- Gnome Stew - https://gnomestew.com -

Driftwood: Hard and Soft Scenes

Driftwood: Hard and Soft Scenes is the first in a line of articles that highlights an aspect of a particular RPG and looks at how it can be applied to other RPGs (see Drift [1] in Gnomenclature). It’s also probably the title of a porn movie.

Adventures in 7th Sea use a scheme of “hard scenes” and “soft scenes.” Hard scenes are encounters that need to occur through the course of an adventure. For example, if your adventure begins with an NPC coming to a local space station to hire mercenaries (i.e. the PCs) to keep her cargo safe en route to the core worlds, then the opening scene in the space station cantina is a hard scene, as would boarding the NPC’s ship to meet her crew.

A soft scene is an optional encounter that adds spice to the adventure but can easily be dropped without losing the adventure’s integrity. Continuing the above analogy, a barfight between the PCs and an old rival might be a soft point, since it has nothing to do with the current adventure.

I find hard and soft scenes very useful in convention games when I need to watch the clock. Having enough soft scenes enables me to adjust the adventure to finish on time without the players feeling like they missed key scenes or I rushed to the end.

I also find them useful in my regular home campaigns. Building soft scenes into my session notes enables me to end the session where I want the cliffhanger or resolution to be. It doesn’t always work, but since hard scenes tend to be adequate stopping points I can usually end on one of them.

Some things to consider when using hard and soft scenes:

I’ve found hard and soft scenes very useful; how about you? Do you utilize this technique and, if so, how well does it work? Do you find yourself trying to fit in all the soft scenes anyway? Is it easy to determine what scenes are “hard” and “soft” based on your GMing style?

11 Comments (Open | Close)

11 Comments To "Driftwood: Hard and Soft Scenes"

#1 Comment By jaapdegoede On May 3, 2011 @ 1:22 am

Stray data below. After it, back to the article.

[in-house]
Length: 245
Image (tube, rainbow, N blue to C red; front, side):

Good distinction! I’ve been making the distinction myself for many years now, usually calling soft scenes “fillers” or “optionals”, but soft and hard are probably better names.

Making the difference between the two explicit is very helpful.

#2 Comment By EgoPoisoning On May 3, 2011 @ 4:08 am

This is a very interesting approach to running a story without being too caught up in ensuring players toe your plot line every step of the way.

However, I still don’t feel I have a good sense of how I ascertain a soft scene; especially because you stress that players shouldn’t be punished for skipping one, and should get any information or benefit that would crop up in a soft scene even if they miss it.

That seems to create a third category: plot (or maybe mechanical) critical items and information that aren’t communicated in a plot-critical scene. And the existence of this third category seems to increase the work presented by soft scenes significantly beyond what I, as a DM, would see if I just ran all hard scenes.

#3 Comment By XonImmortal On May 3, 2011 @ 6:28 am

Looking back, some of the most tedious games I have been in have not differentiated between hoard and soft scenes. Soft scenes were as mandatory as hard scenes, and it was difficult for the players to tell which type it was.

I tend to throw off a lot of hints as to soft scenes that are available, as in “things you can do in town” sort of things. If the players want to explore the setting a little more, for a bit more flavor, they can take advantage of them. If not, that’s all well and good too. No essential information should be given in a soft scene, unless the players do very well (i.e., showing extra respect or compassion to the isolated old woman in the middle of the woods might lead to a reminiscence of the time she was romantically involved with the grandfather of the current lord of the area).

I think this goes back to railroading. If you railroad your players into soft scenes, then you need to make them hard scenes. Otherwise, you’re just wasting their time.

#4 Comment By Martin Ralya On May 3, 2011 @ 7:30 am

Are there a lot of space stations in 7th Sea? 😛

#5 Comment By evil On May 3, 2011 @ 8:03 am

I haven’t had the chance to do this much because my worlds tend to be sandbox style games. Hence, every scene would fall into the category of soft scene because the players determine which areas and activities they want to try.

I can see it being beneficial in a linear game, though. The key issue would be just what XonImmortal brought up. The soft scenes cannot be as important or as numerous as your hard scenes.

#6 Comment By Walt Ciechanowski On May 3, 2011 @ 8:08 am

[2] – Possibly, but the line ended before they could get there (seriously, the later supplements were less “swashbuckling fantasy” and more “Cthulhu tech”).

#7 Comment By Walt Ciechanowski On May 3, 2011 @ 8:13 am

[3] – In D&D-type games, soft scenes award XP and useful stuff that help the PCs fight the Big Bad. If you were expecting the PCs to be 4th level but you had to cut a couple of soft scenes so they fall short, level them anyway.